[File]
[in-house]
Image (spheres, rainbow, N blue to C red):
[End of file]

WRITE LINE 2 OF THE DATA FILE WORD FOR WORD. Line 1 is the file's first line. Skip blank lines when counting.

Image (spheres, rainbow, N blue to C red):